Are thousands of Bolivian jobs at stake?

Latin America and the Caribbean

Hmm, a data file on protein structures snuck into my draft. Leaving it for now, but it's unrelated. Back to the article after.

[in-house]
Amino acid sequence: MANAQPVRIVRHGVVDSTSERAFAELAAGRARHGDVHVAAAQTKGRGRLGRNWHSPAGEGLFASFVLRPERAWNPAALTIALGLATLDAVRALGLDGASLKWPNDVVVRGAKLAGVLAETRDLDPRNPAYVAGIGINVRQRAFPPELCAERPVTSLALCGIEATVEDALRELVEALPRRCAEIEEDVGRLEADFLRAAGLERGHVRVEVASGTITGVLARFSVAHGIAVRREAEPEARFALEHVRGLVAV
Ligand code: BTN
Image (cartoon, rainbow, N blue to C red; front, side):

Today, a Bolivian delegation made up of prominent government officials and business leaders is in Washington. They will testify in a public hearing hosted by the United States Trade Representative (USTR) about the economic benefits of the Andean Trade Preferences and Drug Elimination Act (ATPDEA), an arrangement that gives several Bolivian products preferential access to the U.S. market. The Bush administration suspended Bolivia's ATPDEA trade preferences in late September, dealing a potential blow to the country's economy. The Bolivian delegates are making the case for the U.S. program's importance for alternative development in coca-growing regions, and job creation nationwide. They are also seeking to defend the Bolivian government's counternarcotics program, which the Bush administration, in a September "de-certification" decision, determined does not meet its standard for full cooperation toward anti-drug goals. The delegation is led by Bolivian Treasury Minister Luis Arce and Vice Minister of Social Defense and Controlled Substances Felipe Cáceres (whose position is similar to that of the U.S. drug czar), and includes the president of the La Paz Chamber of Exporters, Guillermo Poumont, the president of the Confederation of Private Business in Bolivia, Gabriel Babdoub and other business owners who export their products to the United States. Also, the hearing will include video testimony, compiled by the Cochabamba, Bolivia-based Democracy Center, of three Bolivian workers who will be adversely affected by the decision to suspend Bolivia's trade preferences with the United States. According to the General Manager of the La Paz Chamber of Exporters, Fernando López, "it is important that we clearly demonstrate that Bolivia is carrying out good work in terms of counternarcotics" in addition to showing how ATPDEA is important for the Bolivian economy. Background: At the end of September, President Bush announced his plans to suspend Bolivia's trade preferences under the Andean Trade Promotion and Drug Eradication Act due to Bolivia's failure to cooperate fully with the United States's counternarcotics programs, despite Congress' vote to extend ATPDEA preferences to Bolivia for six months. As required by law, the USTR must post the president's announcement in the Federal Register, hold a public hearing on the topic, and accept public comments until the end of the month (a .pdf of the announcement can be found here). At the end of the month, the Bush Administration and the USTR will take into account the testimonies at the public hearing and formal comments submitted by outside parties, and a final decision will be made as to whether President Bush will maintain his decision to suspend trade preferences to Bolivia or if they will revert to the decision agreed upon by Congress to extend Bolivia's ATPDEA preferences for six months. As discussed on this blog before, the suspension of trade preferences under ATPDEA will have a detrimental effect on the Bolivian economy. Approximately 25,000 (U.S. government estimate) to 50,000 (Bolivian government estimate) Bolivian jobs rely on trade with the United States made possible by ATPDEA - a significant percentage of the formal-economy workforce in a country whose entire population is under 10 million. Much of this employment is in the sprawling working-class city of El Alto, on the margins of La Paz, where the country's textile industry is based. The government is also concerned that the loss of these jobs could cause an increase in out-migration to other countries such as Argentina, Brazil and Spain. In response to the pending suspension of ATPDEA, Bolivian President Evo Morales has said "We don't have to be afraid of an economic blockade by the United States against the Bolivian people." Instead he has announced that Venezuelan President Hugo Chávez has offered to replace and even surpass the income that ATPDEA generates for Bolivia and that the Iranian Government is interested in buying the products that will no longer be for eligible to enter the United States duty-free. Bolivian Chancellor David Choquehaunca has claimed that Bush's announcement is not the "final word" and classified his decision as "entirely political" - a result of Bolivia's September expulsion of the U.S. ambassador, rather than a consequence of anti-drug strategy. However, we will have to wait to see whether Chancellor Choquehaunca's words turn out to be true, whether President Bush is going to stick to his initial decision and suspend Bolivia's trade preferences under ATPDEA as of January 1, 2009, and if so, whether President Bush's successor continues the suspension next year.